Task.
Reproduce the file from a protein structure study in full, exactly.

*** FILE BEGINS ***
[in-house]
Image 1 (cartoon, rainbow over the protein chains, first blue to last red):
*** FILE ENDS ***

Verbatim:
[in-house]
Image 1 (cartoon, rainbow over the protein chains, first blue to last red):